‘Toxic mix’: Miami Beach mayor mulls ending spring break after violence

·5-min read
<span>Photograph: Pedro Portal/AP</span>
Photograph: Pedro Portal/AP

City leaders in Miami Beach are to rethink their approach to the annual student right of passage known as spring break after successive weekends of violence left two people dead, hundreds arrested and dozens of guns confiscated by law enforcement officers.

The mayor of Miami Beach, Dan Gelber, told the Guardian the mayhem was akin to a giant, unruly street party, with authorities struggling to control tens of thousands of unwanted guests and a business community blocking measures to try to control it.

“I don’t feel like some of them are particularly good members of the community,” he said after a coalition of bar and nightclub owners persuaded a majority of commissioners to block his proposal for another midnight curfew for this past weekend.

Related: Miami Beach imposes curfew on unruly crowds as spring break turns deadly

“I appreciate our hospitality industry, they invest in our community, but to listen to them like we’re gonna ruin them by asking to have a curfew for three nights is absurd to me.”

The city did approve a dusk-until-dawn ban on alcohol sales over the weekend, coinciding with Miami’s highly popular Ultra music festival. But Gelber felt that, and the assistance of state law enforcement providing extra officers and surveillance drones, was still not enough to curb the violence taking place during the college students’ annual pilgrimage to one of Florida’s most popular party cities.

“I understand why 18-year-olds want to come here, and 25-year-olds want to come here. It’s on the ocean, the scenery is beautiful, the weather’s great, it’s got a great feel to it and creates electricity,” he said.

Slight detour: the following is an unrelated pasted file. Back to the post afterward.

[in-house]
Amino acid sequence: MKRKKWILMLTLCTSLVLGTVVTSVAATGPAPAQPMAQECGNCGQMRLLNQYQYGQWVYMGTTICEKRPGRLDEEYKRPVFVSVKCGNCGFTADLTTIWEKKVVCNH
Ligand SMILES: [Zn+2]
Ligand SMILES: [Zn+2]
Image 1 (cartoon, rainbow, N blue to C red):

“I also think we’ve become a destination for not simply people who are looking to have a foolish good time, but those who might have more sinister desires. We’ve attracted members of gangs, and we’ve obviously attracted people who bring guns because we seize them with regularity.

“So it becomes a pretty toxic mix. It’s not really a spring break at all, it’s a sort of a street party that ends up with a lot of disorder or criminal behavior.”

Miami Beach is among a number of Florida cities wrestling with an upswing of spring break violence in recent years as hordes of students attracted by the state’s warm climate, plentiful beaches and easy access to alcohol seek to party during a recess from their studies.

In Panama City Beach, police made almost 400 arrests for “spring break-related crimes”, including possession of firearms and drugs, leading up to what is usually a chaotic final weekend of the month.

In other popular spring break cities, such as Daytona Beach and Fort Lauderdale, authorities report that pre-emptive measures such as youth curfews and a no-tolerance approach from law enforcement over alcohol and traffic rules have created a calmer environment than the disorder of previous years.